© 2022 | WUWF Public Media
11000 University Parkway
Pensacola, FL 32514
850 474-2787
NPR for Florida's Great Northwest
Play Live Radio
Next Up:
Available On Air Stations
Local News

Ted Bundy Prosecutor Visits UWF

Dave Dunwoody, WUWF Public Media

Bob Dekle -- the man who prosecuted serial killer Ted Bundy’s final murder charge -- spoke of the experience at the University of West Florida Wednesday night.

Ted Bundy escaped custody in late 1977 while awaiting trial in the death of a young Colorado woman. He made his way to Florida where in January, 1978, he murdered two women at Florida State University’s Chi Omega sorority house.  A few days later he kidnapped and murdered 12-year-old Kimberly Leach in Lake City -- his youngest and final victim.

A week after Kimberly’s murder, Bundy was arrested in Pensacola, after being stopped on a stolen car report. After a physical altercation and brief chase with a Pensacola Police officer he was taken into custody. At the time, Bundy was on the FBI’s Ten Most Wanted List.

Dekle, now director of the Criminal Prosecution Clinic at the University of Florida’s Levin College of Law, served as the lead prosecutor for the Leach case in 1979. He’s the author of "The Last Murder: The Investigation, Prosecution, and Execution of Ted Bundy."

“I guess you could say I was in the wrong place at the wrong time,” says Dekle. “At that time I was the Assistant State Attorney, and in our office had the most experience.”

An eyewitness had placed Bundy at Kimberly's school shortly before she disappeared. Her skeletal remains were found near Suwannee River State Park. Bundy was brought to Orlando to stand trial. Rather than helping their case, Dekle says Bundy’s celebrity status provided what Dekle calls “a lot of static.”

“There was a tremendous amount of publicity, a tremendous amount of media interest, and that was a significant distraction,” Dekle says.

Credit Pensacola Police Dept.
Ted Bundy, shortly after his arrest in Pensacola (Feb. 1978)

Once the case went to trial, Dekle says he dealt more with Bundy’s attorneys than with Bundy himself – but he adds that a member of Ted Bundy’s legal counsel beforehand was – Ted Bundy, law school dropout.

“[I] dealt with him quite extensively in the pre-trial phase, because he represented himself most of the time in the pre-trial phase,” Dekle says. “He was affable, witty, talkative; and completely without a soul.”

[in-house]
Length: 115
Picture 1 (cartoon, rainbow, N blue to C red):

Material evidence in the case included clothing fibers with a manufacturing error that were found in the van and on Leach's body. Those matched fibers from Bundy’s jacket at the time of his arrest. Ted Bundy was convicted of Kimberly Leach’s murder in early 1980 and received a third death sentence, after convictions and sentences for the deaths of the two Chi Omega members at FSU.

Dekle continued to work on the case afterward.

“Once you sign on for a death penalty case, you’re on it until the end,” said Dekle. “The appellate process, then there’s the post-conviction litigation in state court, [and] post-conviction litigation in the federal court system.”

With all appeals and a 24-hour stay of execution exhausted, Theodore Robert Bundy was put to death on January 24th, 1989 in Florida’s electric chair. Lead prosecutor Bob Dekle says the case taught him more about criminal law, than his time in law school.

“Forensic science, I had to learn how to present it and understand it,” says Dekle. “Evidentiary issues that I’d never dealt with before. At the end of two years, I kind of felt like there wasn’t anything I hadn’t had an opportunity to, at least, do a little bit if not quite a lot.”

Ted Bundy was suspected of killing three dozen young women in the 1970s. Shortly before his execution, after more than a decade of denials, he confessed to 30 homicides in seven states between 1974 and 1978. But, the true victim count remains unknown, and many believe the number could be much higher.